Rohingya seek UN protection as Security Council diplomats visit camps  
April 29th, 2018 at 7:41 pm
Rohingya seek UN protection as Security Council diplomats visit camps  

By Nazrul Islam;

Dhaka – Hundreds of thousands of Rohingya Muslims living in squalid camps have sought United Nations protection as a delegation from the UN Security Council visited them in the south-eastern Bangladeshi district of Cox’s Bazar.

The refugees, driven away by Myanmar military their homes in northern Rakhine, gathered on waysides as the delegation entered the camp in Kutupalong on Sunday holding placards.

“We demand justice” and “Stop Genocide” are some of the slogans that put on display to draw attention of the diplomats from the 15-state council.

A 24-member delegation from UNSC arrived in Cox’s Bazar on Saturday to see firsthand the plights of the Rohingya Muslims crammed in makeshift tents made of plastic sheets and bamboo shafts.

Nearly 700,000 members of the ethnic minority group crossed into Bangladesh after Myanmar military launched a military crackdown in Rakhine state on August 25, 2017.

The Buddhist-majority Myanmar says it was an anti-insurgency operation while the United Nations termed it as “a textbook example of ethnic cleaning”.

The refugees handed a 13-point charter of demands to the diplomats. The demands include safe and dignified repatriation under UN supervision, deployment of international security arrangement in Rakhine and punishment of those who carried out the atrocities on the ethnic minority group.

The UNSC delegation led by Adolof Meza Cuadra Velasqez, a Peruvian diplomat, visited two camps – one on the zero-line of the border between Bangladesh and Myanmar and the other in Kutupalong. They talked to the victims of the Myanmar army atrocities that left many women raped, men killed and children thrown into fire.

The Security Council representatives will also visit Myanmar’s Rakhine state after the three-day tour of Bangladesh to be ended on Monday. They will meet with Bangladeshi Prime Minister Sheikh Hasina.

In Cox’s Bazar, the diplomats describe the Rohingya crisis a “very complex” issue. They, however, pledged to work together to find solution to the crisis.

“We are here to learn more about the situation in order to see how [what]we can do,” Velasqez, Peru’s ambassador to the UN, said at a news conference after visiting the camp.

He said his other colleagues are ready to work hard to overcome the “dire situation”.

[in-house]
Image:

Russian ambassador to the UN Dmitry Polyansky said the visit was necessary to see everything on the ground to find the best possible solution.

“But there is no magic solution; there is no magic stick to solve all these issues. The issues still for us to promote bilateral ways to resolve the issue,” he said.

He emphasized for constructive dialogue between Myanmar and Bangladesh.

“We will try to convince both governments – government of Bangladesh and government of Myanmar to engage in constructive negotiation and discussion,” he said adding that the Security Council wants a good solution acceptable for all.

Haitao Wu, China’s representative in the UN, suggested for finding the root causes of the violence in Myanmar. “This is very complicated issue. We need to work together to address it,” he said.

Bangladesh’s State Minister for Foreign Affairs Shahriar Alam said Bangladesh has been forced to shoulder Myanmar’s internal conflict. He said his government would extent every possible assistance to the UNSC to resolve the conflict.

“The problem has come from there (Myanmar) and the solution lies there as well,” Alam told reporters after the visit.

Security Council would continue to work on enabling the refugees to return to Myanmar, said Karen Pierce, the UK’s ambassador to the UN.

Bangladesh and Myanmar in November signed an agreement for the repatriation of the Rohingya Muslims. But the process halted because of the unpreparedness in Myanmar. Aid agencies have been asking the Myanmar government to improve the situation in Rakhine state, where access to the humanitarian agencies is still restricted.